The Beauty of Mathematics, with Jeremy Irons

Jeremy Irons as Cambridge Mathematician G.H. Hardy and Dev Patel as math genius Srinivasa Ramanujan from “The Man Who Knew Infinity.” Credit: Warner Bros.

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About This Episode

In this episode of StarTalk, Neil Tyson explores the language of the universe through the lens of self-taught math genius and college dropout Ramanujan, the subject of the recent movie, The Man Who Knew Infinity. Not only does Neil interview one of the stars of that movie, Jeremy Irons, who plays the great Cambridge University mathematician G.H. Hardy, and the movie’s director, Matt Brown, but he also has the movie’s consultant, mathematics professor Ken Ono, as his in-studio guest. If you know nothing about Srinivasa Ramanujan, prepare to be amazed. You’ll hear how, at the age of 12 or thirteen, Ramanujan invented trigonometry for himself, only to eventually discover it already existed. Discover how Ramanujan tried to get into Cambridge, only to be rejected by Hardy’s colleagues, who didn’t understand his equations, while Hardy saw the spark of genius and gave the man from Madras a chance. We’ll explore his infamous notebooks filled with mathematical formulas that the most brilliant minds in mathematics have been trying to figure out for over 100 years – mostly because he didn’t bother to include explanations of how he came up with them. His work is used in both string theory and quantum gravity – two subjects that didn’t exist in his lifetime – and you’ll never guess where Ramanujan himself thought his inspiration came from. Test yourself as co-host Eugene Mirman asks Cosmic Queries about the Fibonacci Sequence and the Golden Ratio, using math to communicate with aliens, and whether math is invented or discovered. Plus, Neil and Ken try to explain why people fear math, Mona Chalabi shares data comparing US students to students around the world in math scores, and Bill Nye is on the streets of NYC to discuss right angles, the Pythagorean Theorem, and Manhattan’s Flat Iron Building.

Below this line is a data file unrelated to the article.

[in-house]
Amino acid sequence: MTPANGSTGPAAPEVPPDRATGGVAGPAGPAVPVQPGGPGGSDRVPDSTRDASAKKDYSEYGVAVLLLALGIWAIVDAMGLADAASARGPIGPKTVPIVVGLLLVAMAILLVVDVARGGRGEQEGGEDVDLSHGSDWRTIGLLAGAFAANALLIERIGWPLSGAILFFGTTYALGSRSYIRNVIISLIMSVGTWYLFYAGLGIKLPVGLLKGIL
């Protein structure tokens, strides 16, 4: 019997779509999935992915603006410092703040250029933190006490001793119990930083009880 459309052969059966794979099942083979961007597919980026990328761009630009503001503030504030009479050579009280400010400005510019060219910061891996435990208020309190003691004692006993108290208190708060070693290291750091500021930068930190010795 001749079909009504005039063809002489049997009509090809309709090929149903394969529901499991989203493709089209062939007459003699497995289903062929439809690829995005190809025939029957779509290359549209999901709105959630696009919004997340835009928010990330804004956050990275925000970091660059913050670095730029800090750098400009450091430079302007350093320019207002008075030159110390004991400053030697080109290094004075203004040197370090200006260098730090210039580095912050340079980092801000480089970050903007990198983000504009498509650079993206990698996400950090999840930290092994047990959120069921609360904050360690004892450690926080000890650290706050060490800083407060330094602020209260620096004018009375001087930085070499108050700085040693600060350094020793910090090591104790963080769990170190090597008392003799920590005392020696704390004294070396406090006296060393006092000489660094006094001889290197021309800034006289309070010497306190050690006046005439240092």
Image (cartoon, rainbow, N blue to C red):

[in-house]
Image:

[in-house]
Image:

NOTE: All-Access subscribers can listen to this entire episode commercial-free here: The Beauty of Mathematics, with Jeremy Irons.

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  • Pravin Mittal

    Prof Tyson – Thanks for sharing the Ramanujan story. It was inspiring. Since you bring such amazing stories about science and technology. I happen to come across of ancient mathematician Pingala who is attributed to have discovered Fibonacci numbers well before Fibonacci.

    He discovered using analysis of language and poetry.

    I though sharing this with you so that you can share with others.

  • Guest

    Unfortunately Mr. Mirman is such an unwanted distraction, interrupting too often and at the wrong places.

  • Guest

    Jesus Irons can’t joke. So so serious! Lol.

  • Roger Ball

    On the TV version of this talk there is an expression for pi using odd numbers. If you were expand this expression to the odd number 15, how do you evaluate this expression? Thanks

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